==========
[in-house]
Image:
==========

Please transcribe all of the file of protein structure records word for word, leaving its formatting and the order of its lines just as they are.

[in-house]
Image: